Vanity Fair Portraits: Photographs 1913 - 2008 brings together rare vintage prints with contemporary classics from Vanity Fair and the Conde Nast Archive. It provides a photographic history of celebrity portraiture, with works of master photographers from Edward Steichen and Cecil Beaton, to Annie Leibovitz and Mario Testino. Some of the greatest portrait photographs of the 20th century were taken for, or published in, Vanity Fair. This selection of 150 images features works from the magazine's first period, 1913 to 1936, displayed for the first time with works from its contemporary incarnation, 1983 to 2008. In the first period, celebrated subjects such as Albert Einstein, Charlie Chaplin, Jean Harlow, Louis Armstrong, Noel Coward, Gloria Swanson, Greta Garbo, Anna May Wong and Paul Robeson are shown in portraits by Edward Steichen, Cecil Beaton, Baron De Meyer, Man Ray and George Hurrell. Since the magazine's re-launch, the works of Annie Leibovitz, Helmut Newton, Nan Goldin, Herb Ritts, Bruce Weber and Mario Testino are featured, depicting a wide range of subjects from Arthur Miller to Madonna. From the beginning, British, Irish and American authors were profiled and their writings published, and among the vintage portraits in the exhibition are iconic images of H G Wells, James Joyce, D H Lawrence, Rebecca West, Ernest Hemingway, Virginia Woolf and George Bernard Shaw. Since its reincarnation, iconic cover images featured here include the Reagans dancing, a very pregnant Demi Moore, a formal portrait of President Bush's Afghan War Cabinet, and actresses Scarlett Johansson and Keira Knightley photographed naked. National Portrait Gallery until 26th May.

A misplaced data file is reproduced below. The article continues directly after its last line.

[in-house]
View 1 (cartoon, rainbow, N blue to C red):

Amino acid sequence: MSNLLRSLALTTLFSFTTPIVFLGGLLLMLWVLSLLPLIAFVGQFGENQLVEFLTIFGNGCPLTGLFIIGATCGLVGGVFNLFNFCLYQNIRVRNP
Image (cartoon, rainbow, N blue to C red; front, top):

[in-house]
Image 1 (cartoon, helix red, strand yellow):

Artful Practice: Architectural Drawings By Richard Norman Shaw RA reveals how Norman Shaw changed the face of English architecture in the last third of the 19th century. Working in the spirit of local vernacular building traditions, rather than to the letter of textbook historicism, he paved the way for the free style of the Arts and Crafts movement in the 1890s. Shaw's domestic work in particular touched with unerring instinct the Victorian imagination, creating homes and offices that were not only well planned for their owners to live and work in, but were also buildings to which the man in the street could feel an emotional tie. Although he was born in Edinburgh to an Irish father and Scottish mother, probably no other architect since Wren can claim to have defined more clearly for his time the Englishness of English architecture. A particular feature is the nautical flavour of some of Shaw's buildings. Half-timbered walls and gables, mullioned windows, sweeping roofs and high chimneystacks all symbolise a promise of shelter, but they also echo the wooden hulls, poop decks and towering masts and sails of the great ships upon which England's commercial prosperity had always depended. Developers of suburban housing have endlessly recycled Shaw's redefinition of English architecture well into the present time. A sense of the impact that Shaw wanted his work to have on posterity can be gained from the series of pen and ink perspectives that he put into the Royal Academy's annual exhibition in the 1870s and 1880s, now on view there again. Royal Academy of Arts, until 25th May.